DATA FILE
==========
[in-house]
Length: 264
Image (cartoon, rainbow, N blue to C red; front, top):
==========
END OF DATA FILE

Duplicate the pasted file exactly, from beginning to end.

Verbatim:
[in-house]
Length: 264
Image (cartoon, rainbow, N blue to C red; front, top):